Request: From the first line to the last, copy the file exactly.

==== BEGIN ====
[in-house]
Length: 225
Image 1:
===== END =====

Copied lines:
[in-house]
Length: 225
Image 1: